Room No. 9: Episode 4
When your enemy is the chairman of a huge corporation with the power to manipulate the truth, it’s going to take a lot of work to bring him down. However, power breeds greed, and enemies lurk in every corner waiting to pounce. Hwa-sa will have to learn how to navigate this new world filled with people willing to deceive and betray each other. With Hae-yi trying to return to her body every chance she gets, Hwa-sa will have to watch her back as she moves forward in her mission to prove her innocence.
EPISODE 4 RECAP
December 25, 1984. Young-bae drags Ki San to his car, and after tampering with the engine, he locks Ki San inside along with Hwa-sa. Some time later, young Secretary Park jogs past the car, and after seeing people inside, he yanks open the door.
By morning, police officers and paramedics swarm the scene, and Secretary Park informs his superior that the unidentified male is dead while the female is alive but unconscious. Meanwhile, Young-bae watches everything from behind the trees.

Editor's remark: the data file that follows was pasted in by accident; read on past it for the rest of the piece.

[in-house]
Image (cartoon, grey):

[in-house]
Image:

In the present, Hwa-sa rolls on the floor, gasping for air, but Hae-yi coldly tells her that she’ll survive before calling for help. Before Hwa-sa loses consciousness, she remembers that fateful evening in the car, but instead of Young-bae besides her, she sees a man resembling Yoo-jin (who we know as the real Ki San).
The guards can’t find Doctor So, so a prisoner offers her assistance since she’s a trained nurse. However, as the prisoner brings in the defibrillator, she exchanges nervous glances with Hae-yi. In flashback, Hae-yi fed the prisoner meat while learning about the defibrillator’s strange glowing as well as Doctor So’s unexcused absences. Everything goes as planned by Hae-yi, and as the prisoner uses the defibrillator on Hwa-sa, Hae-yi throws herself on top of her body.
Meanwhile, Chairman Ki learns of the identity of the person who called him “Young-bae,” and confirming his hunch, it’s “Hae-yi.”